Rubber Chemical

Rubber is a polymer that has the primary property to stretch and shrink. It is an elastomer that can come back to its original shape after being deformed. It is made by polymerisation of isoprene (2 methyl-1,3-butadiene). Natural rubber is extracted from the bark of a rubber tree. In order, to meet its huge demand, rubber was synthesized artificially, and this led to a revolution in the field of polymers.

Once rubber (natural or synthetic) is manufactured, they are sent to processor plants for processing to the final product, which can be further used for manufacturing various commodities. The four steps of processing rubber are compounding, mixing, shaping, and vulcanizing.

  1. Compounding: Certain additives and chemicals are added to rubber to increase its tensile strength and enhance its properties. For example, carbon black fillers are added to rubber to increase its tensile strength and protect the degradation of rubber from ultra-violet rays.
  2. Mixing: Rubber is needed to be thoroughly mixed with the additives. For this purpose, the temperature is increased and additives are mixed properly.

3. Shaping: Shaping rubber products occurs by using four general techniques: extrusion, calendering, moulding or coating, and casting. Rubbers are extruded by forcing a highly plastic rubber through a series of screw extruders. After this step, calendering passes the rubber through a series of increasingly smaller gaps between rollers.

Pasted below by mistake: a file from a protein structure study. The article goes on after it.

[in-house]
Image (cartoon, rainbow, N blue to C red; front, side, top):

This roller-die process combines both extrusion and calendering, producing a better product. The coating is a process to apply a coat of rubber or force rubber into fabric or other material. Tires, waterproof cloth tents, raincoats, conveyor belts, etc. are made by coating materials with rubber. Rubber products like shoe soles and heels, seals, suction cups, and bottle stops are cast using moulds. 

4. Vulcanization: Vulcanization completes the rubber-processing process. Vulcanization creates sulfur cross-connections between the polymers of rubber. Less cross-connection between the rubber polymers creates a softer rubber. Increasing the number of cross-connections decreases the elasticity of the rubber, which creates harder rubber. Without vulcanization, rubber would be sticky when hot and brittle when cold.